Tweet it:'In the new world of work, employees are looking for incentives outside of compensation. Discover new ways for your agency to attract and retain top talent.'
In the past couple of months, we’ve devoted a lot of space discussing the urgent need to find and keep top agency talent. Your agency has plenty at stake as demand ramps up post pandemic. Clients are coming out of the woodwork, and there are projects aplenty for a well-run, organized agency that knows how to match the right people to each effort. Of course, that presumes that you have the right people at the ready, and the way things have been lately, leadership at any enlightened agency knows they need to do whatever’s possible to keep the best people in their bullpen.
As we’ve discussed, compensation is just the start of that conversation. Employees are looking for other perks as well, notably schedule flexibility, personal growth and training options, and diverse, inclusive work environments. And another intriguing area of attention has come to the forefront in terms of what your creative, managerial, and administrative talent wants in this new work landscape: agency workspace.
The environment in which your people operate has taken on a new level of significance over the past few years. Sure, ad and marketing agencies have tended to embrace a more unstructured, easy-going style. Some shops love the “no ties & Levis” vibe. Others still have a suit-and-tie formality that many employees actually appreciate — just don’t take away Casual Friday, right? What’s best for your shop’s sensibility and aesthetic? Only your executive team can best answer that question, but it’s worth it to take some time to make an informed decision.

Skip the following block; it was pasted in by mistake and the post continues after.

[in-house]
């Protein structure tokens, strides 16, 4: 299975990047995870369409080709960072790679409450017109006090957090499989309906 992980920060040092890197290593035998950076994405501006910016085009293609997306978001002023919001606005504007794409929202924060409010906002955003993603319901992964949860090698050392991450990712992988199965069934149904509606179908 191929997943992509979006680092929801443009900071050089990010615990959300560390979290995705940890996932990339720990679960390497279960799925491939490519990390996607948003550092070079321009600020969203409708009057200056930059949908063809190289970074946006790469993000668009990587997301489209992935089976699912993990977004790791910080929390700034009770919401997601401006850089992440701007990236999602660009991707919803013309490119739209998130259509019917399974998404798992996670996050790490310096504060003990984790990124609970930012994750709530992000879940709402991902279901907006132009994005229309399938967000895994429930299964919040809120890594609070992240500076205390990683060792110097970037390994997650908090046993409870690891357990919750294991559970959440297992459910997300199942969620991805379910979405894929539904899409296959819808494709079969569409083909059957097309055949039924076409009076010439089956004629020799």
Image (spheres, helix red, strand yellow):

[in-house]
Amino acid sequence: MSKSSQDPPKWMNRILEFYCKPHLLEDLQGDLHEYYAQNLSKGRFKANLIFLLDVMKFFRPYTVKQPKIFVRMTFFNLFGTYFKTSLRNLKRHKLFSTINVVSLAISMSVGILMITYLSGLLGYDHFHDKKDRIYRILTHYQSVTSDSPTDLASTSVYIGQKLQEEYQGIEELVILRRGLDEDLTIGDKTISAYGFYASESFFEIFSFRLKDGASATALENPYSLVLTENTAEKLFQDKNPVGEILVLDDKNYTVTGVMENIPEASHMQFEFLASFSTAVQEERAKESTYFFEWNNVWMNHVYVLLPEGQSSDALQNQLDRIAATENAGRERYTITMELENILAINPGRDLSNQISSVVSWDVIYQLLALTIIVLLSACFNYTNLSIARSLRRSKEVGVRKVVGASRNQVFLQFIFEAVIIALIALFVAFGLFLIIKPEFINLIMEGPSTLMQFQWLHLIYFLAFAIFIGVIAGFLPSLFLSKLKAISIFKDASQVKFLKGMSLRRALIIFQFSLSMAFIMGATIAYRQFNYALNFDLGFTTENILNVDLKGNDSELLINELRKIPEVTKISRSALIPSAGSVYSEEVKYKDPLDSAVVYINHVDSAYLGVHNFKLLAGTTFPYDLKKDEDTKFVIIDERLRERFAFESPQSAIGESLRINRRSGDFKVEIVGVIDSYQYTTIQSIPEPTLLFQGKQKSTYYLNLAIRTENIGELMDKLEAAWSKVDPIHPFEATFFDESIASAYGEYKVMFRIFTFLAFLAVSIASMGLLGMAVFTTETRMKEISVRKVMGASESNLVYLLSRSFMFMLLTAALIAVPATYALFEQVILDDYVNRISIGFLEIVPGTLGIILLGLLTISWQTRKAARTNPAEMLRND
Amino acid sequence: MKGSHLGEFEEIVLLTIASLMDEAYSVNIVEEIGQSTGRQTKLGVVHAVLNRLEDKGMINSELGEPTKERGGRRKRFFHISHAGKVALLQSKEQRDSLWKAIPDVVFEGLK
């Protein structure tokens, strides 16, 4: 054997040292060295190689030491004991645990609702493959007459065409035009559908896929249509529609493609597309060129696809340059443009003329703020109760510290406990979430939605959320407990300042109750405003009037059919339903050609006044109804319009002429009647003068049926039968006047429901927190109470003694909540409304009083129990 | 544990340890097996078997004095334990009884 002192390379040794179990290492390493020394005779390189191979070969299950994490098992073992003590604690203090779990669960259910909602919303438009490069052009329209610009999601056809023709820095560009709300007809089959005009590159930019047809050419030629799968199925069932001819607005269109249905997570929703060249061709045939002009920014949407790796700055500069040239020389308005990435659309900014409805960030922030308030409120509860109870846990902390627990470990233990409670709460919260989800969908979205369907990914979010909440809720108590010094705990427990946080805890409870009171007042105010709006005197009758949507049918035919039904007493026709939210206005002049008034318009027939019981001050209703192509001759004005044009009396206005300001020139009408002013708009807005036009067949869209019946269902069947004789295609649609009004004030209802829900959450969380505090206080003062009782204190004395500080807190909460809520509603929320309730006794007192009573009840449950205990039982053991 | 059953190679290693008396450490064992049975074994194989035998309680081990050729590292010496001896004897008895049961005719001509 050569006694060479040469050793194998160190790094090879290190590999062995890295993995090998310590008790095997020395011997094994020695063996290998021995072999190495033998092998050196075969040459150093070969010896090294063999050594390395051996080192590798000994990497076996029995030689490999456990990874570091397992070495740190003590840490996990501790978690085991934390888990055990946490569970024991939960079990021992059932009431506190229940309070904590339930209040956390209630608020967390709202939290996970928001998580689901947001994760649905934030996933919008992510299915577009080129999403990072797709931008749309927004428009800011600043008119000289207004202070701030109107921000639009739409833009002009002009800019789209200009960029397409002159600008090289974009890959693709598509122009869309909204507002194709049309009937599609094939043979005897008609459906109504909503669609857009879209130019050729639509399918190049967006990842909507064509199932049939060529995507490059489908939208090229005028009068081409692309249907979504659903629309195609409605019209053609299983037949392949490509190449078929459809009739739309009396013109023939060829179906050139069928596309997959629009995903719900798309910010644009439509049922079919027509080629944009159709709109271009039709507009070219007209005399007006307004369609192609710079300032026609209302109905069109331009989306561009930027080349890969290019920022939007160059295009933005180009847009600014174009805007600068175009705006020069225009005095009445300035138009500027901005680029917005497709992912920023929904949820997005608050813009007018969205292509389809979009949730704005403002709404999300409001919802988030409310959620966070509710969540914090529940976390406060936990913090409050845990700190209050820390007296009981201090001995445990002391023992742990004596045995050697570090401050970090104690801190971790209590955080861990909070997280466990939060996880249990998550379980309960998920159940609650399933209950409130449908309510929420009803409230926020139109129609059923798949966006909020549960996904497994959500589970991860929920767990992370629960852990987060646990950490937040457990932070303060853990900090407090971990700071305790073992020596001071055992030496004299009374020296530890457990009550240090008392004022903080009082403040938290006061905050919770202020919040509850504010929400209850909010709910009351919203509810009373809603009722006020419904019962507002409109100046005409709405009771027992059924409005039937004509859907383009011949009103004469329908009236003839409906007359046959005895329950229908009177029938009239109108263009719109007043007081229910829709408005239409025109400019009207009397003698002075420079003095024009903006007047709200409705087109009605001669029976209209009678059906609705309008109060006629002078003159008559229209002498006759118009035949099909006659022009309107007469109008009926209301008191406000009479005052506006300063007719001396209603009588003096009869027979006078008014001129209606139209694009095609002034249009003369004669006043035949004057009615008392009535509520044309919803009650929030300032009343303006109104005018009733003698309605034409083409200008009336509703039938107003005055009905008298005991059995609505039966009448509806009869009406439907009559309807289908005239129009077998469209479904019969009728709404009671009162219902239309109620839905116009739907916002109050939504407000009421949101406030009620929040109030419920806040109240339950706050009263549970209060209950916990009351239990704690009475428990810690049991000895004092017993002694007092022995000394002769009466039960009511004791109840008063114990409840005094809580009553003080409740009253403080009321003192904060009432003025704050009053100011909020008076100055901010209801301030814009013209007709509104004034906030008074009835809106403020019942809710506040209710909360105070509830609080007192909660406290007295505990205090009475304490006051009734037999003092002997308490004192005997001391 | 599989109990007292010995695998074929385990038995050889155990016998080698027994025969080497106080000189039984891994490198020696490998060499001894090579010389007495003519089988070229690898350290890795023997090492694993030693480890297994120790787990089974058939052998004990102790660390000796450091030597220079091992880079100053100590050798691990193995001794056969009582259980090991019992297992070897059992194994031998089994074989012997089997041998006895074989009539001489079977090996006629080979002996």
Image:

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It’s irrefutable that today’s talent likes the hybrid work environment. More and more people want to work remotely, coming into the “home office” a couple of times a week, tops. That should surely shape the type and even the size of the space your company provides. Maybe an open floor plan with flexible workstation access and a good coffee maker does the trick. If you are requiring your people to be on-site more often than not, you may want to invest in creating an environment that’s compelling to be in and is conducive to being productive. What that looks like is your call, but bringing back the foosball, pinball, or pool table might make sense. Some shops take extra steps to offer well-stocked pantries with plenty of good snacks and beverages so the workforce sticks around. There are even those with mini-meditation rooms, on-site gyms, and weekly visits from a local masseuse.
If that sounds too indulgent (is this an office or a cruise ship?) your decision to be more buttoned-down might need to be offset by being more forgiving in your flex-time policies. Either way, you have to accept that people now think of where they work as a destination as much as it is a location. If they have to be there, make it a place where they show up gladly. If they don’t, it can be more traditional. Of course, your culture may allow you to go for that clubhouse vibe and also permit remote work, just be prepared to put in collaboration, communication, and productivity tracking infrastructure that helps keep everyone on task. Truth be told, those are good things to have at any agency, so talk to your people, decide what kind of space and on-site expectations works best for your shop, and invest accordingly. It’s sure to have a positive impact on morale, productivity, and your agency’s bottom line.
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